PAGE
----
The London Document was negotiated while Israel had a national unity government in the mid 1980s. Peres and Shamir rotated the positions of Prime Minister and Foreign Minister after the 1984 Israeli national elections. At the time, Peres was openly opposed to an independent Palestinian state and wanted a restricted conference whose plenum would not impose solutions and where bilateral talks between countries would decide negotiated outcomes. In opposition to Peres, Shamir was not interested in opening any negotiations over the West Bank, and therefore opposed the international conference idea unless it was a ceremonial opening like Geneva had been in 1973, and like the Madrid Middle East Conference would be in 1991. Though not Prime Minister, Peres nonetheless moved forward in establishing the procedures for such an opening diplomatic conference.  

   The national unity government created diplomatic paralysis. Nothing immediately came of the London Document. At the end of 1987, the intifadah, or Palestinian uprising against Israeli occupation and administration, temporarily halted any notions of jump-starting a negotiating process. Then, in July 1988, King Hussein diplomatically withdrew his interest over the West Bank, leaving the path open for Palestinian-Israeli negotiations. Hussein did not want to compete with a fervently resurrected Palestinian nationalism, enter into negotiations with the Israelis, and then be blamed for not delivering an independent Palestinian state. Hussein still sensed that the PLO was not to be trusted, and particularly wanted little to do with PLO leader Yasir Arafat. An attempted international conference did not unfold. Arab-Israeli diplomacy was overtaken by Saddam Hussein’s invasion of Kuwait in August 1990 and the subsequent Gulf War in early 1991. Arafat had to contend with West Bank / Gaza Palestinians who aimed to threaten his control over the Palestinian national movement. The winds of Arab politics kept Hussein out of negotiations for the time being. His priority had always been to protect his reign first and foremost on the West Bank. After the PLO and Israel signed the Oslo Accords in 1993 and recognized Israel, King Hussein had all the cover he needed to sign an agreement, a peace treaty, with Israel in October 1994. No international conference was necessary. Bilateral interests prevailed for both Israel and Jordan, and the future of the West Bank, Gaza, and Jerusalem was left to the PLO and Israel; Jordan had persevered and preserved its territorial integrity with a fragmented Arab world all around it. The 1991 Madrid Conference, which became the opening for PLO-Israeli secret talks, was based on the procedures initially discussed in preparation for the 1987 London Document.                                                                                                        

–Ken Stein, December 2021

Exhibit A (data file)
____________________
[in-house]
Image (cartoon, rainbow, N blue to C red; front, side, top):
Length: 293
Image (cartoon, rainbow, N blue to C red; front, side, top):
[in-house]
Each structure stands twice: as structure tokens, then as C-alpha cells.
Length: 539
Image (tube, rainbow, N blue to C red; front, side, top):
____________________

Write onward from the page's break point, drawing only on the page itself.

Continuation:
Accord between the Government of Jordan, which has confirmed it to the Government of the United States, and the Foreign Minister of Israel, pending the approval of the Government of Israel.  Parts “A” and “B,” which will be made public upon agreement of the parties, will be treated as proposals of the United States to which Jordan and Israel have agreed.  Part “C” is to be treated with great confidentiality, as commitments to the United States from the Government of Jordan to be transmitted to the Government of Israel.  A Three-Part Understanding Between Jordan and Israel:

  1. Invitation by the UN secretary general: The UN secretary general will send invitations to the five permanent members of the Security Council and to the parties involved in the Israel-Arab conflict to negotiate an agreement by peaceful means based on UN Resolutions 242 and 338 with the purpose of attaining comprehensive peace in the region and security for the countries in the area, and granting the Palestinian people their legitimate rights.
  2. Decisions of the international conference: The participants in the conference agree that the purpose of the negotiations is to attain by peaceful means an agreement about all the aspects of the Palestinian problem.  The conference invites the sides to set up regional bilateral committees to negotiate bilateral issues.
  3. Nature of the agreement between Jordan and Israel: Israel and Jordan agree that:
    1. The international conference will not impose a solution and will not veto any agreement reached by the sides; 
    2. The negotiations will be conducted in bilateral committees in a direct manner; 
    3. The Palestinian issue will be discussed in a meeting of the Jordanian, Palestinian, and Israeli delegations; 
    4. The representatives of the Palestinians will be included in the Jordanian-Palestinian delegation; 
    5. Participation in the conference will be based on acceptance of UN Resolutions 242 and 338 by the sides and the renunciation of violence and terror; 
    6. Each committee will conduct negotiations independently; 
    7. Other issues will be resolved through mutual agreement between Jordan and Israel

This document of understanding is pending approval of the incumbent Governments of Israel and Jordan.  The content of this document will be presented and proposed to the United States.